The Palace 1988

When it comes to bootlegs of aftershows in 1988, the Trojan Horse stands above all others. It is the most beloved and well known of the aftershows, but there are several others from the same year that deserve attention. The Warfield aftershow from November is highly regarded, as is Große Freiheit ’36 (especially by me). There is also the aftershow from the Camden Palace in London (sadly incomplete) and then the bootleg I will be listening to today, the early morning performance from The Palace, Hollywood. Superficially all these concerts appear to be similar, but I find that when I listen to them each has it’s own character and feel, and so it is with The Palace. It appears to be a standard aftershow set of the time, but it is played with a heavy dose of swing that is missing in the other shows. There is an element of fun, and the intensity that smothers the other concerts is instead replaced with a bright and breezy performance. The audience recording isn’t too bad, considering the era in which it was recorded, and even if the sound is thin in places, the performance can always be heard without distortion. It can probably be best compared to the Warfield show, recorded just four days later, the setlists are almost identical, and although two different recordings of that later show are in circulation, I prefer the sound of this concert.

 7th November 1988 (a.m.), The Palace, Hollywood.

It is the keyboards that roll out the red carpet and lead us into the show. The slow build into “Positivity” gives the song the solemnly that the lyric content demands, and as the rest of the band join there is the feel that something special is in the air. Without becoming too intense, the song lets the individual players feel their way into the music, along with the audience, and the song envelops the recording in it’s timeless mist.

A brightness enters the recording as Prince plays a sharp version of “Eye Know.” It is at this point that the recording briefly flickers, but the band and Prince remain upfront and loud, and there is an extra energy as the song and concert blooms into something a whole lot more colorful and celebratory. Despite the wobble in the recording, it is apparent that Prince is giving another star performance, and he burns with supernova power even this early into the show. The song isn’t as as complex as it is heard on record, but the band add a baroque sound that melds well on top of Princes bare funk that can be heard churning away beneath the song.

“Wade In The Water” gives the recording an extra depth, as Prince pulls us back to his roots, while delivering some feathery guitar that sounds as if it has been handed down from God himself. Prince stays on this route, “God Is Alive” bringing spirituality and funk together in a mix that is Prince at his very best, bringing these two desperate strands together to create something unique that bestrides both sides of this religious gulf. There is the feeling of God in the air, while the bottom of end of the music suggests all sorts of other sins, this unresolved tension creating a music that never gets tiresome or stale.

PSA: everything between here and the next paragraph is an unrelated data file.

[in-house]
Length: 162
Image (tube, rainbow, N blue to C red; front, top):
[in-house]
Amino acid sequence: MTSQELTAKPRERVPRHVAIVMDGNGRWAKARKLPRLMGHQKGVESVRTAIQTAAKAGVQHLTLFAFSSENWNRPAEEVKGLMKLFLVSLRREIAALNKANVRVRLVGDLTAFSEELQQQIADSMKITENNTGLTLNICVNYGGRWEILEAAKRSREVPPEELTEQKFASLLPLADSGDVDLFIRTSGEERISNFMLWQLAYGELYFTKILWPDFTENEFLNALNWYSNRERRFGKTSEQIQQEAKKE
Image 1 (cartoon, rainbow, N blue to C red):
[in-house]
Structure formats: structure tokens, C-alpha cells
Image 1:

The piano introduction to “The Ballard Of Dorothy Parker” shines in the darkness in this recording, and the rest of the song is equally well served by the quality if the tape.  The nuance of the song is captured well, and as it segues into “Four” the piano and horns can both be heard, without either taking precedence over the other, making for another colourful and three dimensional moment caught on tape.

Boni Boyer does not disappoint as she comes forward for “Down Home Blues.” I prefer her performance here over what is heard at the Small Club gig (incidentally, the first live performance they did of the song) , she is more subtle here and rather than belting it out she instead gives it to us piece by piece, making for easy digesting before Prince makes his first major guitar move of the show with some surgical playing that neatly dissects the song. Boni Boyer returns for a final “Rock Me, Baby,” but it is Prince who burns the house down with one last fiery burst from his guitar.

It takes some time for the band to build into “Cold Sweat,” but even these opening minutes are funk fueled and one can almost hear the sweat dripping through the tape and the recording. Boni Boyer and Eric Leeds dominate the overall sound, and although the song is grounded it its forceful rhythm, it is these two can be heard adding the most to the overall feel of it. For all that though, it is a Sheila E. solo that brings the song to a close with a simple and effective break, only to be out done by the moment where Prince briefly sings the “Bad” bassline. Well worth checking out!